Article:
The great majority of Michigan public school teachers pay hundreds of dollars annually to the Michigan Education Association, a labor union. They do so not as a matter of free choice, but because they have no choice. More and more teachers are bravely raising objections to the MEA—its practices and its politics—and it's time for the Michigan legislature to listen to their concerns and come to their rescue.

Comments like these from Russ Billings, a teacher in Genesee County, Michigan, and member of the MEA, are not uncommon though they are not always stated openly: "The union uses our money for their pet political causes, which many members oppose, and resists any request for full and honest disclosure." Cheryl Loss, another teacher and MEA member who teaches in Branch County, Michigan, adds, "Because they run a monopoly that relies on forced payments, union officials can provide services to the membership that are deficient and feel no obligation to give straight answers to questions about the fundamental rights of their own members."

Michigan's compulsory union law, the Public Employment Relations Act, is the culprit. It gives teachers collective bargaining rights, but sacrifices their individuality by vesting exclusive power in a union to represent their interests. For example, teachers who excel in the classroom and want to be judged and compensated on a merit basis are thwarted by standardized union contracts that protect and reward too many lackluster, uncreative educators.

Teachers like Frank Dame of West Branch in northeast lower Michigan, who try to limit their support of the MEA's social and political agendas, encounter union resistance at every turn. MEA requested Dame's confidential personnel file after he began challenging union policies a few months ago, even though the union has called for a law that would prevent parents from seeing teachers' files.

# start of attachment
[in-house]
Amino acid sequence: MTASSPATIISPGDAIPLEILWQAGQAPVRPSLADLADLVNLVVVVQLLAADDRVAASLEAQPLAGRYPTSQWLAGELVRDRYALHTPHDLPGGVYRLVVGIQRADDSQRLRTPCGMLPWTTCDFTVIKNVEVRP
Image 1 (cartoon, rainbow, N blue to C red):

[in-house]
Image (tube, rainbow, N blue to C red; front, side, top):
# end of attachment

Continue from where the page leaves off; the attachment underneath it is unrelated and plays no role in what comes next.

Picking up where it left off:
Late last year, a group of Branch County Head Start employees decided that MEA representation simply was not worth the  money, and petitioned to decertify the union by secret ballot. MEA officials disregarded the employees' right to talk privately among themselves about the election, crashing and disrupting employee-only meetings. No wonder that many Michigan teachers want professionalism, not unionism .

Clearly, there is a need in Michigan for a "Teachers' Bill of Rights." Its first order of business should be to grant individual teachers greater freedom to represent themselves or to choose an alternative collective bargaining agent. Mandatory union membership and compulsory dues as a condition of employment should be abolished, thereby making unions more responsible and accountable to their members. Michigan is one of only 23 states that cover all public sector workers with mandatory collective bargaining; 14 states do not force it upon any public sector workers at all, including teachers.

Unions should represent only those teachers who freely choose such representation in writing. Employees who want to strike out on their own may represent themselves, or even form for-profit instructional companies that contract directly with school districts. Governor Engler had it right when he told the legislature in October 1993 that no teacher in Michigan should be compelled to join or pay dues to a labor union in order to keep his or her job.

A "Teachers' Bill of Rights" would restore the timeless creed of American labor movement's founder, Samuel Gompers, who told workers, "I want to urge devotion to the fundamental of human liberty—to the principles of voluntarism. No lasting gain has ever come from compulsion . . . the workers of America adhere to voluntary institutions in preference to compulsory systems which are held to be not only impractical but a menace to their rights, their welfare and their liberty."

Schools are not factories, teachers are not line workers, and students are not widgets. The factory model of labor relations—with its legalized compulsion funded by forced dues—has failed Michigan's teachers as well as its students. Its rigid, standardized approach to employee representation only discourages innovation and creativity at a time when citizens are struggling to find solutions to improve the educational experience for Michigan children.

Enabling our most talented teachers to escape the barriers of restrictive bargaining agreements represents a new framework of employment relations—one in which educators can finally devote their time and energy to doing what they know and love the best: teaching children how to think.

Summary
Current Michigan law forces tens of thousands of teachers to support a labor union in order to keep their jobs. A law that allows voluntary support of unions would improve the State education system and the teaching profession.

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